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Anomalous Magnetic Aftereffect of a Frozen Magnetic Fluid

Published

Author(s)

S Taketomi, R V. Drew, Robert D. Shull

Abstract

A very stably dispersed magnetic fluid (MF) was zero-field-cooled from room temperature of 5 K followed by the application of a magnetic field of 2.86 MA/m for 300 seconds. After the field was removed (t = 0), its residual magnetization M was measured as a function of time t for 80000 s. After measurement, the MF sample was heated to room temperature, and the experiment was repeated after zero-field cooling to 5K and again applying and removing the 2.86 MA/m field. We performed the same experiment several times, and obtained a different M t curve each time. With each cycle, the average M (at t = 0) increased and the M t curve converged to a universal curve. In the early cycles experiments, M surprisingly increased with t during the later stages of the experiment. From the different experiments, it was concluded that the isolated surfactant molecules in the MF solvent played an important role. We propose a model wherein the magnetic colloids from closed magnetic flux circuits by forming collective micelle structures with temperature decrease. After application and removal of the field at 5 K, the micelles in the frozen MK break spontaneously, leading to and increase in the residual magnetization.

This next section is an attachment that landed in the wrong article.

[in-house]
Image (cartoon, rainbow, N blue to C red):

Citation
IEEE Transactions on Magnetics
Volume
40
Issue
No. 4

Keywords

anomalous, magnetic fluid (MF), magnetic flux, micelle structures, residual magnetization

Citation

Taketomi, S. , Drew, R. and Shull, R. (2004), Anomalous Magnetic Aftereffect of a Frozen Magnetic Fluid, IEEE Transactions on Magnetics (Accessed February 26, 2024)
Created December 31, 2003, Updated October 12, 2021